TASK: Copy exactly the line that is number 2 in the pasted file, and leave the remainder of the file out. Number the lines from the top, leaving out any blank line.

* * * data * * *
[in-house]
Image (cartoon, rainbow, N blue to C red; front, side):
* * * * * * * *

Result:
Image (cartoon, rainbow, N blue to C red; front, side):